If your child struggles academically, a school’s academic fit may be your number one priority. You might, then, consider these factors in your school search.
Learning and teaching environment
Schools with smaller classes and lower student-to-teacher ratios often work well for kids who struggle academically. This makes it easier for teachers to provide more one-on-one attention and differentiated instruction.
Differentiated instruction is especially important for students with academic struggles. A teacher who tailors instruction to individual children’s learning needs can help ensure each child gets exactly what they require—that they learn the right material, at the right pace, in the right format. This can help ensure they acquire the knowledge, skills, and confidence needed to stay on track (and sometimes thrive).
Many kids with academic struggles are well-suited to a school with an alternative curriculum that allows for more individualized learning. This will give them more flexibility in what material they cover and the pace they cover it at.
Schools with mainstream curricula (especially ones with high academic standards), in which all students cover the same material as their peers (at roughly the same pace), may not offer enough flexibility and targeted support for some kids with academic challenges. That said, some mainstream schools provide the kind of structure many of these kids need.
Make sure a school has what’s required to address your child’s specific challenges. If they’re struggling with math, for instance, they may need an after-school math tutor. Or, if they’re having a difficult time learning to read, they may need an onsite reading intervention specialist.
However, if your child struggles across the curriculum, they’ll likely require more substantive support. For instance, they may need an in-class educational assistant. They may also benefit from in-class accommodations, such as extra time for assignments or tests, note-taking assistance, quiet workspaces, assistive devices, and duplicate notes.
Inquire into the causes of your child’s academic struggles. Are they related to serious problems with depression or anxiety? Might your child have a social or emotional disorder? In this instance, their issues might be best addressed outside of school (at least partially), say, through regular visits to a psychologist or psychiatrist.
On the other hand, though it may seem counterintuitive, your child might struggle academically (and/or with depression or anxiety) because they’re not getting enough challenge in school. Academic understimulation can breed boredom, which can lead to disengagement (a frequent cause of social and emotional issues). A school that provides your child with enough academic challenge can, in this case, help alleviate their academic struggles, and, sometimes, their attendant social problems.
Some kids have “intensive learning interests”—interests that are specific, deep, and ongoing. If your child is like this, here are some factors to consider in your school search.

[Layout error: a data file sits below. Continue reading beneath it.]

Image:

Look into what subjects are offered and at what levels. If your child is a high school student interested in, say, math, are Advanced Placement (AP) courses in calculus and physics offered?
Also, probe a school’s pedagogical approach. Is math ( science, English, etc.) taught traditionally, by imparting knowledge through whole-class lessons and text-based instruction? Or, is the school more inquiry-based, offering mostly hands-on, experiential learning? Think about which approach is best for your child, bearing in mind this can vary among subjects.
You might consider a specialty school for your child with intensive learning interests. If they have a passion for the visual arts, they may thrive in an art-focused school where they’ll take subjects like painting, drawing, and sculpting, receive expert art instruction, and learn with artsy kids. Or, if science and technology are your child’s things, a science- or STEM-focused school might fit the bill, where they can study biology, chemistry, engineering, and technology with like-minded peers.
Ensure a school has what’s required to address your child’s specific needs. If they have a passion for STEM, for instance, they’ll likely benefit from well-equipped science and computer labs. Or, if they’re interested in the fine arts, an art studio and certain art supplies will be helpful for them. And of course, regardless of their interests, well-trained expert instructors will be needed to bring out the best in them.
Keep in mind, though, your child’s ability to pursue specialized learning isn’t restricted to what takes place in class during regular school hours. You should also look into what extracurricular opportunities are available. For example, if your child is nuts about robotics, they may be thrilled to hear a school offers an after-school, evening, or even weekend class in this subject.
Kids with lofty university ambitions often seek high schools that improve their chances of getting into a good university and thriving when they get there. If your child is like this, here are some points to consider in your school search.